Karen Nettleton has travelled to Syria in an attempt to rescue a pregnant Zaynab, 17, Hoda, 16, and Humzeh, 8, from the refugee camp to which they fled as Kurdish-led forces stormed the militants’ last stronghold in Baghouz.
It was her first time she has seen them since a family holiday in Malaysia five years ago. Her daughter, Tara, the children’s’ mother, took them to Turkey and never returned.
Tara Nettleton died in Syria in 2015 from appendicitis complications.
The children’s father and their two brothers, Abdullah, 12, and Zarqawi, 11, were killed in September 2017 in a US air strike.
Ms Nettleton told ABC TV’s Four Corners the children weren’t “monsters” and were “absolutely not” a risk to Australia.
Describing her frustration with Australian authorities, she said: “We don’t get a yes or no answer. All they’ve said is that once we get to Turkey, they’ll give us all the help that they can, our medical, dental, physio, anything that we need.”
Ms Nettleton found her grandchildren at the al-Hawl refugee camp, where about 72,000 people are suffering as food, clean water and medical supplies dwindle. Dozens of children have also died there.
Zaynab, who is pregnant with her third child and suffering from malnutrition and shrapnel wounds, denied Australians had anything to fear if they returned.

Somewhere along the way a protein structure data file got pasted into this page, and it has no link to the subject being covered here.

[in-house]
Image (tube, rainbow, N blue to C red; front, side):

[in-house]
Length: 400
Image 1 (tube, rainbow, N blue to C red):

She told Four Corners: “We weren’t the ones that chose to come here in the first place.
“I mean we were brought here by our parents. And now that our parents are gone, we want to live. And for me and my children I want to live a normal life just like anyone would want to live a normal life.”
A grandmother’s epic fight to bring her grandchildren home0:26
Karen Nettleton’s mission to bring her grandchildren back home from Syria. Courtesy: ABC
Hoda said he didn’t know her mother was taking them to Syria back in 2014, explaining: “I didn’t know I was in Syria until after we crossed the borders and I heard people speaking Arabic.
“I asked my Mum where we were. And she told me we were in Syria. I started crying.”
After leaving the camp and liaising with Australian and Kurdish authorities, Ms Nettleton told the children they would now work to extract them.
But it’s unclear how long they’ll have to wait.
“It’s just a matter of when they are going to take you,” she told Zaynab.
“What I think is going to happen is that you’ll get picked up in an ambulance. You’ll be taken across the border and you will be going through the Assad regime area and the only way for you to do it safely is in ambulance.”
The Daily Telegraph recently reported that if the children could get to an Australian embassy, they would likely be provided passports to return home.